You can also inspect Runtime Revolution scripts for downloading stacks. See the script of the button revCommon of stack revLibrary in the Revolution development stacks.
Downloading other files
Currently, I simply use the Revolution command "get url" to download other files from the server. The "get" command is "blocking" in the sense that script execution stops until the get process is completed.
If you want to download a large file that is not to be used immediately, or if you want to update a progress indicator during the download process, you can use the non blocking load command instead.
Files that have been downloaded into a variable can be written to disk with the "put" command. The put command will create a new file or overwrite an existing file.
An example of getting a file from the server and writing it to the client's disk:
get url "http://myserver.com/myfiles/myphoto.jpg"
put it into url "binfile:C:/WINDOWS/Desktop/myphoto.jpg"
Note the binary file designation "binfile:" that is used with files that do not contain plain text. The plain text file designation is "file:".
Posting information to a CGI script on the server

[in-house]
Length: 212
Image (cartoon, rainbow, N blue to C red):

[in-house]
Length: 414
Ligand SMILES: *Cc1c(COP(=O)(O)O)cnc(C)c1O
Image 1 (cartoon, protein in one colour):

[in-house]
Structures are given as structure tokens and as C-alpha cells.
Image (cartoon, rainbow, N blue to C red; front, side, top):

The "post" command can be used to send information to a Common Gateway Interface (CGI) script on the server for processing. For example:
set the httpHeaders to "Content-type: text/plain" & cr
put cr & the time && "hello from stack" && the short name of this stack into tMsg
post tMsg to url "http://myserver.com/cgi-bin/mycgi.mt"
The file "mycgi.mt" is a Revolution script file in the cgi-bin directory of server that is executed by a copy of the Revolution engine in the cgi-bin directory. Other CGI languages such as Perl can also be used - but why bother when you know Revolution.
The "post" process requires that the CGI script return a response to the client. The response can include such information as results computed from input information in the message received, data retrieved from a database on the client, or a message saying that the message has been received and recorded to a log file on the server.
Whenever executable scripts are downloaded from the web, the potential exists for a rogue script to cause damage to the client's disk files or to upload private information. This risk can be reduced by restricting access of the project to "trusted" servers, as is done in this project.
One option is to set the secureMode property to true. This prevents access to the disk file system or other resources of the client. Once the secureMode is set to true, it stays true for the rest of the time the Revolution application remains open. This protects the client's disk files but it also prevents saving copies of files to the client disk for use off line.
Another possibility is to add a "certificate of trust" to a stack that certifies that it can be trusted. Such a certificate might consist of a result of the md5Digest() function stored as a custom property of the stack. Set the lockMessages property to true, open the stack, check for a valid certificate and, if the certificate is valid, then send "open messages" or close and reopen stack.